Compelling evidence seems to show that common misery is a more potent glue in binding human beings than any policy.
Before the Maintenance of Religious Harmony Act was enacted in 1990, our pioneers were instrumental in setting up the Inter-Religious Organisation, Singapore in 1949.
From the earliest colonial days when ethnic enclaves were set up, pioneer immigrants were not merely aware, but also hugely tolerant of the differences existing between them.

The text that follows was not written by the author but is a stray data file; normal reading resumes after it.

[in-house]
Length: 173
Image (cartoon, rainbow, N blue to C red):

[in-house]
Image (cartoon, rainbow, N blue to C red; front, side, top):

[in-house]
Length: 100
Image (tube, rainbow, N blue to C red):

Back then, many people were illiterate and unlikely to have seen or interacted with people from different ethnicities or religions.
Nevertheless, they learnt to co-exist with total strangers for sheer survival, if nothing else.
The existence of churches, mosques, temples and other religious buildings in close proximity to one another today is convincing testimony of the harmony in earlier days.